What dendritic painting has in common with “tears of wine” phenomenon

Enlarge / Japanese artist Akiko Nakayama manipulates alcohol and inks to create tree-like dendritic patterns during a live painting session. (credit: Akiko Nakayama/CC BY)

Dendritic painting is an artistic technique that involves depositing mixtures of ink and rubbing alcohol onto paint spread on a substrate, producing branching, tree-like patterns. Two physicists have now analyzed the underlying fluid dynamics at work to create those intricate shapes and patterns, describing their findings in a new paper published in the Proceedings of the National Academy of Sciences Nexus.

“Painters have often employed fluid mechanics to craft unique compositions,” said co-author Eliot Fried of the Okinawa Institute of Science and Technology (OIST) in Japan. “We have seen it with [Mexican muralist] David Alfaro Siqueiros, Jackson Pollock, and Naoko Tosa, just to name a few. In our laboratory, we reproduce and study artistic techniques, to understand how the characteristics of the fluids influence the final outcome.”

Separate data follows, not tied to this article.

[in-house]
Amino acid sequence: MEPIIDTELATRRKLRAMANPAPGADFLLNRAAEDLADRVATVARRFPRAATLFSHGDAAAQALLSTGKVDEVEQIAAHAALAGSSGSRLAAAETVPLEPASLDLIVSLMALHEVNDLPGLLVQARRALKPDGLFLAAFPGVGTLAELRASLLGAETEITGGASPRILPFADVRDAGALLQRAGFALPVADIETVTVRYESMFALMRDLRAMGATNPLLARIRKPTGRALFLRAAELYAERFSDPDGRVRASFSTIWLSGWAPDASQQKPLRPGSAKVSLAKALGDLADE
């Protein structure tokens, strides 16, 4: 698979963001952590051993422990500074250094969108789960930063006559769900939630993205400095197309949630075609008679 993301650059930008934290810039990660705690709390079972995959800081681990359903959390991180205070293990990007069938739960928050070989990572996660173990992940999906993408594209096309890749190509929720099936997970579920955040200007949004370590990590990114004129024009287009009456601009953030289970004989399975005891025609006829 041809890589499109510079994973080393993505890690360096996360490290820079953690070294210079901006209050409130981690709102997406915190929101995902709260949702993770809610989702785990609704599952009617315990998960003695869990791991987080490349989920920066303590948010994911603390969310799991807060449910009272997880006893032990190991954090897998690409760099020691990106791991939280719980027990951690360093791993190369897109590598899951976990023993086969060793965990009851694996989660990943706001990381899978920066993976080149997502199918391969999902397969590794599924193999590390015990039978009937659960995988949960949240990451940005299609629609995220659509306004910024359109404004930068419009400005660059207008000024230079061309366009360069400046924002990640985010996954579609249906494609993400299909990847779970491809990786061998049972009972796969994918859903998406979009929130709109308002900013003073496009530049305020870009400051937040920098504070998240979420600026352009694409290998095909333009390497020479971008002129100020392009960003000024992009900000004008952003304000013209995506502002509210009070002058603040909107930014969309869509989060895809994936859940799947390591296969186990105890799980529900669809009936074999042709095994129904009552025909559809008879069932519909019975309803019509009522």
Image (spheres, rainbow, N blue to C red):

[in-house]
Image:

Fried is one of several scientists intrigued by how artists exploit fluid dynamics in their work. For instance, Roberto Zenit, a physicist at the National Autonomous University of Mexico, has been studying the physics of fluids at work in those techniques for several years, concluding that the artists were “intuitive physicists,” using science to create timeless art—including Siqueiros’ “accidental painting” technique.

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